Police intervene into protest against Ankara bombing in Istanbul
ISTANBUL – Doğan News Agency
REUTERS photoPolice used force to prevent an attempted march protesting the Oct. 10 Ankara Massacre in Istanbul on Oct. 13 after the Istanbul Governor’s Office denied permission for the rally on the basis of “sensitivity.”
Following a call from the Confederation of Public Sector Trades’ Unions (KESK), the Confederation of Progressive Trade Unions of Turkey (DİSK), the Turkish Medical Association (TTB) and the Union of Chambers of Turkish Engineers and Architects (TMMOB), a march was to be held on Oct. 13, starting at Cerrahpaşa and Sirkeci, two different venues in Istanbul’s Fatih district, before joining in Beyazıt Square, to protest the Ankara bombing and commemorate the 97 victims of the massacre.
But the governor’s office said at around 2 a.m. on Oct. 13 that the application filed for the demonstration had been rejected because “the places where the march was slated to be organized were places citizens use frequently,” because the route for the demonstration “was not among the places listed in the law on meetings and demonstrations” and because of “the sensibility of the current period.”
Police attacked to prevent people from reaching the planned demonstration routes.
Police forces initially refused to permit people to board the Kadıköy-Eminönü ferry, which connects the Asian continent of the city to the European side, in the morning hours of Oct. 13, on the grounds that the march was illegal.
Plainclothes policemen were filmed violently pushing ferry users to the ground in an attempt to detain them.
Mücella Yapıcı, the co-chair of the Chamber of Architects’ Environmental Impact Assessment Board and a member of the Taksim Solidarity Platform, reacted to the police’s attack.
“What are you doing? Our siblings have died,” she yelled at the police, in reference to the 97 victims of the massacre.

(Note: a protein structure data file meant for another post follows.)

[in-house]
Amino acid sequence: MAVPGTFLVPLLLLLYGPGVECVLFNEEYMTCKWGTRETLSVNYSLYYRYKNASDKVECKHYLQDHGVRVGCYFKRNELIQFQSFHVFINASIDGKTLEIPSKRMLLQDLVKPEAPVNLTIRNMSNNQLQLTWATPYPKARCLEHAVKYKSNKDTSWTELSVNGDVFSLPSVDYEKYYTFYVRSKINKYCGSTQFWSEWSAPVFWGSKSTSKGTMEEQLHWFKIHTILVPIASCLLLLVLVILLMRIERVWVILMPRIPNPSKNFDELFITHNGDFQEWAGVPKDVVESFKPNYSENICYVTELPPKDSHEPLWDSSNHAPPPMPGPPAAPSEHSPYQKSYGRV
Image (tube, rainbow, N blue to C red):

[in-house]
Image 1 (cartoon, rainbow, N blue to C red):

A group of people, who intended to march from the Cerrahpaşa Medical Faculty and Hospital to the Beyazıt Square were also prevented by police forces holding shields.
Police did not permit around 1,500 people to exit the hospital’s yard, where the group started a sit-in. The police announced via loudspeakers that the group should hold a press statement in the hospital’s yard and then disperse. As the daily went to press, the group was continuing their sit-in protest.
A group of about 500 people also conducted a sit-in protest in Sirkeci in the shadow of a water cannon, around 30 plainclothes police officers and a squad of riot police. There was brief pushing and shoving between mourners and plainclothes police when the latter attempted to stop protesters from enacting security measures to prevent a similar suicide attack on the gathering. Police were forced to back off, as members of DİSK and Halkevleri (People’s Houses) checked bags of passersby for weapons.
Meanwhile, protests were held against the massacre across the country in multiple cities, varying from İzmir and Uşak in Turkey’s west to Malatya and Adana in the east and south and Giresun and Zonguldak in the north.
Among the cities in the south of the country where protests were held, police also used teargas to attack a group of around 30 lawyers and another 150 people who came to support them in front of the courthouse in the Alanya district of Antalya.